In addition to deploying Japanese specialists, the construction of the teahouse utilized materials imported from Japan to make it truly authentic. Building materials used to construct the teahouse convey humility and harmony with nature. The designer envisioned the structure to be simple and humble. In order to achieve this aesthetic effect, for example, knots in the wood as well as pieces of bark were left untouched. From the Kitayama Mountain of Kyoto came the finest Japanese cypress. Mud processed and shipped from Shikoku Island plastered the walls. Traditional Japanese tatami flooring made of woven straw covered the tearoom, and shoji, paper screens, filtered the light from the windows. Even the stepping-stones were carefully chosen in Japan and brought here. Mr. Takenaka would have accepted nothing but the best. If the building materials were off by an eighth of an inch or if the wood looked too dark or too light, work would stop until suitable replacements were found. Takenaka reached into his own pockets to cover extra expenses. “If I created an inferior-quality structure, Americans would say, ‘so, this is an example of Japanese standards.’ I don’t want that to happen. I want to show the best.”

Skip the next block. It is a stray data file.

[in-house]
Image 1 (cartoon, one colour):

Roji—a gateway to the world of tea ceremony
The tea ceremony experience begins with guests passing through a bamboo gate called Nakamon, which is intentionally narrow to discourage conversation. The path through the garden, roji, is made up of stepping-stones over mossy ground, and guests are encouraged to focus their attention on the present moment as they step from stone to stone.

The path leads to a stone water basin called Tsukubai, where a bamboo ladle is used to collect water from a bamboo spout known as kakei or kakehi. Rinsing hands and mouth at the Tsukubai represents purification, washing away mundane concerns and clearing the mind. The chaniwa tea garden features evergreens and shrubs, symbolizing the longevity and wisdom of old age revered in Zen, rather than flowering plants, as is common in most Japanese gardens since the 12th century.